1 can shoe peg corn
    1 can French style green beans
    2/3 can cream of ___ veggie soup (make ahead of time)
    (1/2 c. grated cheddar cheese – omit)
    1/2 cup vegan sour cream
    1/2 cup chopped onions (I’ll use 1/4 cup)
    1/2 cup chopped celery
    Salt and pepper to taste

    1 “stick” vegan margarine, melted
    1 stack (36) Ritz crackers, crumbled

    Mix together all ingredients and pour into greased casserole dish.
    Mix together topping ingredients and place on top of casserole.
    Bake at 350º for 45 minutes.

    Mashed Garlic Fauxtatoes

    2 pounds turnips, peeled and cut into chunks
    (add 1 pound of cauliflower)
    8 cloves garlic, peeled and sliced
    2 Tbs vegan margarine
    2 Tbs horseradish
    1 tsp salt
    1/2 tsp pepper
    1/8 tsp ground nutmeg
    3 Tbs fresh chives, chopped

    Bring to a boil and then simmer the turnips and garlic (about 15 minutes) until the turnips are quite soft.
    Drain well.
    Mash the turnips.
    Add the vegan margarine, horseradish, salt, pepper, and nutmeg. Adjust margarine and seasonings as necessary.
    Top with chives.

  • 10Nov

    This is a “trashcan” or “dump” recipe that can be made completely from not-very-perishible[1] ingredients. These are great for cold or rainy days when you just don’t want to leave the house. Even if you haven’t been to the store, you might have these on hand. The beauty is that if you have a little common sense, there isn’t any measuring to do.


    • frozen zuccini, I used most of a medium sized bag
    • canned vegetarian chili (Wolf brand, of course)
    • canned ranch/Texas style beans (caveat: they have a tiny bit of beef broth in them, but it’s near the end of the ingredients list, so I let it slide)
    • canned tender field peas with snaps
    • [canned diced tomatoes] [2]
    • canned mushrooms
    • canned garbanzo beans
    • garlic (I used the big jar of refrigerated minced garlic) (I used a big Tablespoon)
    • chili powder (I used the “pour” spout, probably 3-4 Tablespooons)
    • ground mustard (I just sprinkled some in, probably a teaspoon or so)
    • cumin/comino (more spirinkles)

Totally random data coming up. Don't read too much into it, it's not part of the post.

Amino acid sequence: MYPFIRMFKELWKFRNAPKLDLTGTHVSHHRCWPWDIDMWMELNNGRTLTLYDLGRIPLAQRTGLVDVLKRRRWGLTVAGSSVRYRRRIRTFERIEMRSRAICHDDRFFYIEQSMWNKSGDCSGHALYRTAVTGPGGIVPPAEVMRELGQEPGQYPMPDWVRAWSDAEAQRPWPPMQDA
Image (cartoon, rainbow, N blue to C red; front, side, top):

• [add TVP if you want a “ground beef” texture. Serve with cheese on top if you aren’t vegan. Add browned ground beef if you aren’t vegetarian.]


    1. Microwave the frozen zuccini until it’s cooked through, about 4 minutes.
    2. In a stock pot over medium heat, add the vegetarian chili.
    3. Reserve the liquid from the ranch/Texas beans and add the beans to the chili.
    4. Reserve the liquid from the field peas and add them.
    5. Drain the [tomatoes,] mushrooms, and garbanzo beans, and add them.
    6. Stir in the seasonings.
    7. Add some of the reserved liquid, if necessary, to keep everything moist and to keep anything from sticking.
    8. Bring to a boil and then simmer until thoroughly heated.
    9. Serve with crackers.
      Or, pour over Fritos and top with nutritional yeast. [Top with shredded cheese, if you aren’t vegan].


    [1] items come from the pantry or freezer or have a very long shelf life in the refrigerator
    [2] I would normally add these, but we didn’t have any.
  • 01Nov

    This is a “trashcan” or “dump” recipe that can be made completely from not-very-perishible[1] ingredients. These are great for cold or rainy days when you just don’t want to leave the house. Even if you haven’t been to the store, you might have these on hand.[2] The beauty is that if you have a little common sense, there isn’t any measuring to do.


    • frozen, chopped green bell pepper (I used a handfull)